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US to sanction China if Iranian crude trade continues: State

Highlights

US views Chinese imports as weakening 'maximum pressure'

China importing an estimated 150,000-200,000 b/d of Iranian crude

The US will sanction China if it continues to import Iranian crude in violation of American sanctions, a US Department of State spokeswoman warned Thursday.

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"We're going to zero [exports of Iranian crude] and ... countries that don't abide by US sanctions will face repercussions for not abiding by US sanctions," Morgan Ortagus, the spokeswoman, said during a briefing Thursday. "That goes for China or any other country in the world. We expect all countries to abide by US sanctions."

The US, which re-imposed oil sanctions on Iran in November, allowed sanctions waivers given to Iran's biggest crude and condensate buyers to expire in early May.

US officials are wrestling with how to stop China from importing Iranian crude without sanctioning a major Chinese bank, due to the impact such sanctions may have on the global economy.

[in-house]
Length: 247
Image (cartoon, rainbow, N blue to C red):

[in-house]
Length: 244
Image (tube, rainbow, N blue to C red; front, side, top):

Administration officials believe the push for "maximum pressure" on Iran is being weakened by ongoing crude flows between Iran and China.

China continues to import about 150,000 b/d to 220,000 b/d of Iranian crude, much of it in the form of debt repayment, according to Sara Vakhshouri, president of SVB Energy International.

Iranian crude and condensate exports, which averaged about 1.7 million b/d in March, fell to about 1 million b/d in April and an estimated 800,0000 b/d in May, according to data from cFlow, S&P Global Platts trade flow software, and shipping sources. The majority of those flows in May were to China, Turkey and Syria, according to these sources.

S&P Global Platts Analytics forecasts Iranian exports will average 450,000 b/d in the second half of 2019.

-- Brian Scheid, brian.scheid@spglobal.com

-- Edited by Keiron Greenhalgh, newsdesk@spglobal.com